Parents, School Board Members Divided on Teaching ‘1619 Project,’ Poll Finds
A recent survey conducted for The Heritage Foundation found that some parents and many school board members disagree with the historical perspective advanced by The New York Times’ “1619 Project.”
The project promotes the notions that the Revolutionary War was fought to preserve slavery and that America’s founding date should be 1619, the year the first slave ship arrived in America, rather than 1776.
Supporters of the 1619 Project continue to incorporate it into school civics curriculums across the country, even after The New York Times issued a major correction to the project’s introductory essay by Nikole Hannah-Jones, its creator.
Pulitzer Prize-winning historians “have said that the project has weak scholarly support,” Jonathan Butcher, senior policy analyst at The Heritage Foundation’s Center for Education Policy, said at a July 9 webinar event on civics education and the 1619 Project.
The Heritage Foundation commissioned a survey, conducted by Braun Research Inc., to gauge the extent of Americans’ approval of the project. Parents and school board members from across the country were asked about the way American history should be taught in school.
The survey, conducted of 1,001 parents and 566 school board members, revealed that much of the nation is divided in its opinions of the 1619 Project.
When asked whether 1776 should continue to be taught as the year of the country’s founding, rather than 1619, 59.1% of parents and 72.6% of school board members answered the year the Declaration of Independence was signed should remain as America’s founding date.
Almost 50% of parents and 70% of school board members said they do not want their children’s school to use “instructional material based on the idea that slavery is the ‘center of our national narrative.’”
The study consistently revealed a difference in opinion between parents and school board members. Parents were found to hold a more “progressive” view of American history and to be more approving of the 1619 Project.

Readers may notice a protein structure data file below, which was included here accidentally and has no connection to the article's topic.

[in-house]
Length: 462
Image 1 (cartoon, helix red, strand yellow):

Lindsey Burke, director of The Heritage Foundation’s Center for Education Policy, said the difference in response between parents and school board members likely can be attributed to a number of factors.
The average age of the school board members surveyed skewed slightly older than that of the parents. The school board members also on average had higher levels of education, such as a master’s degree or Ph.D., and were higher-income earners. Burke also noted that just over 53% of school board members surveyed were from the South, which tends to be a more politically conservative region of the country.
The disparity of opinion between parents and school board members was also in evidence when asked whether they thought a “curriculum for schoolchildren should promote the view that our founding ideals of liberty and equality were false when they were written by the Founders.” About 5 of every 10 parents said yes, while only 3 of every 10 school board members answered in the affirmative.
Just over 57% of parents and nearly 65% of school board members answered “no” when asked whether schools “should reframe American history so that children will learn that the United States has been tainted by slavery and racism.”
The attempt of the 1619 Project to reframe history is not a new phenomenon, said Mike Gonzalez, Heritage Foundation senior fellow with the Center for Foreign Policy and author of the new book, “The Plot to Change America,” at the webinar, discussing the results of the survey.
“The mayhem we are seeing in the streets today, the toppling of statues of Founders, and even abolitionists, a rejection of America’s founding, of its institutions, its history, its economic system, it’s part of an effort that has been unfurling for decades,” Gonzalez said.
Throughout history, various movements have arisen and attempted to change the historical narrative in order to further a political agenda, he explained, adding:
I do have hope in my heart. I do see 2020 as … the year when the American people finally begin to realize that decades of teaching the children to hate their country has been a colossal mistake.
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